It may be 2010 but President Obama is trying to do what both his predecessors, George W. Bush and Bill Clinton, tried to do before him, which is get young voters to “Rock the Vote”. The phrase often used during the early 1990s described the initiative which found singers, rappers, actors and other entertainers trying to bridge the gap between popular culture and politics, and such efforts may have been reinvigorated with Thursday’s youth town hall.
During the televised event hosted by BET, CMT, and MTV, the president took questions before an audience of 250 young people from diverse backgrounds. There were also an untold number of young people watching on television, via live stream over the Internet, or keeping up with the discussion on Twitter. The president’s hope in reaching out is that young voters will show up on Election Day, and choose between the candidates, hopefully casting a vote for the embattled Democrats.
Given the hardships faced by young African-Americans including near 50 percent teen unemployment, many political observers are unsure if young black voters will be willing to help Democrats hold onto control of Congress.
A new Pew Research poll says that 27 percent of young voters who identify as a Democrat have given a significant amount of thought to this year’s midterm election, down 20 points from the last midterm election four years ago.
WATCH MSNBC COVERAGE OF THE YOUTH SUMMIT:
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Just two years ago the economy was what was on the mind for voters and it’s the same way today.
William Kellibrew IV is the Director of Youth and Young Adult Initiatives for the “National Coalition on Black Civic Participation”:http://www.ncbcp.org/; he has traveled the country and talked to numerous young people.
“Young people are tired of hearing about prosperity; they are ready for job creation. We have to get young people working faster or see them making decisions, negative decisions that will impact their lives for years to come,” he said.
Tiffany Palmer, 24, is a government engineer in Washington, who has numerous friends who have been affected by the economic downturn from which the U.S. is still recovering.
“A lot of my friends are out of work, and I went to a top 20 university. I’m an engineer and usually we’re one of those areas where jobs are secure, and we can’t even find jobs,” she said.
Other issues on the minds of young voters ranged from how the president can do a better job of working with members of the Republican Party, his plans to improve the nation’s education system, ensure college affordability, deal with illegal immigration, and encourage an appreciation of diversity.“It was a really important event because young people need to keep hearing from our president. They were instrumental in getting him elected in the first place. I like to think that BET had a lot to do with that, getting the young vote out, so it’s important that he keeps that dialogue going,” said Debra Lee, CEO and Chairwoman of BET Networks.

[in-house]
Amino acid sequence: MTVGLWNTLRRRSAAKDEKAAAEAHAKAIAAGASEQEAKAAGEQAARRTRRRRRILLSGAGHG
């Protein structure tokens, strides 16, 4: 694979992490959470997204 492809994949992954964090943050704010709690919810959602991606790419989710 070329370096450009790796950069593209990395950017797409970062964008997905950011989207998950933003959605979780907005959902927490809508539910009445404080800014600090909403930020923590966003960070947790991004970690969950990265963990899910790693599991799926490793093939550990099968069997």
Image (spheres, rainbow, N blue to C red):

CIRCLE or The Center for Information and Research on Civic Learning and Engagement said immediately following the 2008 election that of the 64 percent of 18 to 29-year-olds who voted for President Obama in 2008 19 percent were African-American.
Stefanie Brown, Director of the NAACP Youth & College Division isn’t surprised by the figure and says that African-American youth are one of the most politically savvy and politically active demographics.
Brown acknowledged, “At the end of the day our generation [18-29-year-olds], we want people to show and prove.”
Emmanuel Bagumira a 24-year-old community college student would have hoped he could ask the President, “if given a chance to evaluate what he has done, and how he personally rates himself performance wise since he got into office.”
Some of the tough questions posed to the president included a question as to why he hasn’t done more to end the military’s “Don’t Ask Don’t Tell” policy or how to quicken the immigration process for those hoping to become U.S. citizens.
Bagumira added, “Just because President Obama hasn’t done what we expected shouldn’t mean we aren’t passionate.”
He doesn’t think he’ll vote in November but Tiffany Palmer says she will. Both say the friends they talk to intend to vote.
Brown hopes that young people will realize, “One of the greatest equalizers in our society is the right to vote.”
Kayla Webb another town hall participant thinks that a renewed blend of pop and politics could be crucial in this election.
“I don’t think it’s as euphoric as it was in 2008. You had a lot of celebrities coming out in the 2008 election, in 2004 Diddy did the “Vote or Die.” I feel like now with the midterms no one really pays attention, and I feel like every time there’s an election there needs to be a get out to vote campaign,” Webb said.
In spite of all the polls and the conventional wisdom President Obama told audience members that he himself is hopeful.
“What gives me hope is all of you. What makes me afraid is because there are problems…people get discouraged when they don’t get solved right away,” President Obama said.
Brown is also hopeful.
“If everyone voted in 2008 votes again in 2010, a step above that if everybody in 2008 brings just one friend to vote, then that would be awesome.”